The International Tax Round Winter 2022
06 Dec 2022
Worldwide Disclosure Facility (WDF): HMRC promising 'many more' tax investigations
22 Sep 2022
Statutory Residence Test (“SRT”): Exceptional circumstances
06 Sep 2022
The International Tax Round Autumn 2022
01 Sep 2022
What is a domicile status and how is it often misunderstood?
23 Aug 2022
Following our previous article on the Register of Overseas Entities (ROE), the legislation is now fully operational with the registration process via Companies House effective from 1 August 2022.
Whilst applicable to overseas companies/partnerships owning UK land, other entities may be affected. Here we take a look at trust structures holding UK real estate to examine the different scenarios when overseas entities may need to register with Companies House. These include:
· Direct ownership by a non-UK trust
· Ownership via an underlying company held by a non-UK trust
· Ownership via a nominee company on behalf of a non-UK trust
Before we delve deeper into these scenarios, here’s a reminder of what makes a beneficial owner registerable.
A “registerable beneficial owner” is an individual, entity or government body that meets any of the following conditions in respect of the entity (the Conditions):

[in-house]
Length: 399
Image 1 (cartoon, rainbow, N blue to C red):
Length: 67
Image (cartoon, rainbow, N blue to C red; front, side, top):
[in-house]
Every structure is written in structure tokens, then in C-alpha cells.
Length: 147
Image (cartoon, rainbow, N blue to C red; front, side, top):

Condition 1 - It holds (directly or indirectly) more than 25% of the shares
Condition 2 - It holds (directly or indirectly) more than 25% of the voting rights
Condition 3 - It has the right (directly or indirectly) to appoint or remove a majority of the directors
Condition 4 - It is able to exercise “significant influence or control” over the entity or
Condition 5 - It is able to exercise “significant influence or control” over the activities of a trust, partnership, unincorporated association or entity that is not a legal person, and the trustees of that trust or members of that other entity meet one or more of Conditions 1-4 above.
Direct ownership by a non-UK trust
If the UK land is directly held by a trust whose trustees are all individuals, the ROE won’t be applicable as it is only legal entities governed by foreign law that are potentially caught by the registration requirement.
There will generally be a requirement to register on the ROE where non-UK incorporated corporate trustees directly hold the land. If registerable, information about the corporate trustee will need to be given, together with details on any persons who qualify as registerable beneficial owners of the company.
Information on the trust (which include details of the trustee(s), settlor(s) and beneficiaries), is not required where the overseas entity holding the qualifying land is the trustee.
Further consideration is needed for private trust companies, where the trustee holding the property is a widely-held overseas company or where the trustee holding the property is an overseas subsidiary of a widely-held overseas company.
Consideration must also be given as to whether the trust should be registered on the Trust Registration Service (TRS).
Where the trust is a non-UK trust, there is a requirement to register on the TRS if the trust has a UK tax liability or the trust acquired an interest in UK land on or after 6 October 2020.
As a result of the TRS, there is no requirement to provide details of the trust on the ROE even if the trust is not currently registerable on the TRS.